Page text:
This tends to make social situations a little bit of a challenge for me. I have little patience and when a conversation or social situation starts to bore me, and the talk is just about non-creative stuff, I just tune out or even leave, because I feel like it’s a waste of my time and I could be putting my energy towards something else. I could be getting a lot of things done. I guess that’s the one quirk I have. If I want to socialize, I’ll just go on Facebook. Or to a local metal show, where I will never ever get bored when I’m around hard-working bands and promoters and metal heads I admire.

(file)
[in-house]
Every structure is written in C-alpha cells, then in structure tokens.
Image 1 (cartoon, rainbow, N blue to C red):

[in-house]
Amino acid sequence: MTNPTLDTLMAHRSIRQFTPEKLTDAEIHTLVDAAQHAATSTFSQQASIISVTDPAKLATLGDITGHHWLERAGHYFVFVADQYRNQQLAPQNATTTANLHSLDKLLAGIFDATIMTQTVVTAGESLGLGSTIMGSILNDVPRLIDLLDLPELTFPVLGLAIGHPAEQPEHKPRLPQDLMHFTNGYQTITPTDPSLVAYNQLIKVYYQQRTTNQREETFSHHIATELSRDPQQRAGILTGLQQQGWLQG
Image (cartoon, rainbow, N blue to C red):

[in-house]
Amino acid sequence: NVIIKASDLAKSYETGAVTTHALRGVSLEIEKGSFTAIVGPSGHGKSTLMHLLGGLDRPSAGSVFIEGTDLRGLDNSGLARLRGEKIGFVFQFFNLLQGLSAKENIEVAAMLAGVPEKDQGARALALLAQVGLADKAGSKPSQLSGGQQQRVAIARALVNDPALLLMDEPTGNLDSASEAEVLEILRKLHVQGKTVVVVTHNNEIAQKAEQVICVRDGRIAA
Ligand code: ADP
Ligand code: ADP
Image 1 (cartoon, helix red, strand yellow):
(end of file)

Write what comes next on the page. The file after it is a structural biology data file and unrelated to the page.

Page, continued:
The reason of course is that I have a goal-oriented, deadline-driven mindset and an intense drive to devote my time to my projects. There’s always a sense of urgency and impatience that I am trying to control. What usually happens is that my brain goes into overdrive and I always feel the intense urge to create, write, and make my ideas happen. You can say I’m an obsessed overachiever and workaholic. It takes some really devoted friends to put up with me, lol.
However, along with my driven personality comes anxiety, over-worrying, and becoming agitated and frustrated if things don’t go my way. I always want to stay on top of things and I’m a little bit of a control freak when it comes to my projects. But I’ve managed to control this by staying as professional as possible, and instead of constantly worrying about a problem or a future problem, I now create a problem-solution list that helps me cope.